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Building Basic Formulas in Excel

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One of the most useful features of Excel is its ability to use formulas to define relationships between fields in a spreadsheet, but creating those formulas can be a pain. In this chapter, Paul McFedries explains how to build and apply these formulas with ease.
This chapter is from the book

In this chapter

  • Understanding Formula Basics

  • Understanding Operator Precedence

  • Controlling Worksheet Calculation

  • Copying and Moving Formulas

  • Displaying Worksheet Formulas

  • Converting a Formula to a Value

  • Working with Range Names in Formulas

  • Working with Links in Formulas

  • Formatting Numbers, Dates, and Times

A worksheet is merely a lifeless collection of numbers and text until you define some kind of relationship among the various entries. You do this by creating formulas that perform calculations and produce results. This chapter takes you through some formula basics, including constructing simple arithmetic and text formulas, understanding the all-important topic of operator precedence, copying and moving worksheet formulas, and making formulas easier to build and read by taking advantage of range names.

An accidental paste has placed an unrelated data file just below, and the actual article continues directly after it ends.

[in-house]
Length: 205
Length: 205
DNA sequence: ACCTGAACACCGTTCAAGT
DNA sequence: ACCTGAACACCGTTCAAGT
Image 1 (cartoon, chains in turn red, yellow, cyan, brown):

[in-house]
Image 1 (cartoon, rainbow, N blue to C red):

Understanding Formula Basics

Most worksheets are created to provide answers to specific questions: What is the company's profit? Are expenses over or under budget, and by how much? What is the future value of an investment? How big will an employee bonus be this year? You can answer these questions, and an infinite variety of others, by using Excel formulas.

All Excel formulas have the same general structure: an equals sign (=) followed by one or more operands—which can be a value, a cell reference, a range, a range name, or a function name—separated by one or more operators—the symbols that combine the operands in some way, such as the plus sign (+) and the greater-than sign (>). Although it's unlikely that you'll ever reach it, the maximum number of characters that Excel allows within a single formula is 1,024.


Excel won't object if you use spaces between operators and operands in your formulas. This is actually a good practice to get into because separating the elements of a formula in this way can make them much easier to read. Note, too, that Excel also accepts line breaks in formulas. This is handy if you have a very long formula because it enables you to "break up" the formula so that it appears on multiple lines. To create a line break within a formula, press Alt+Enter.

Entering and Editing Formulas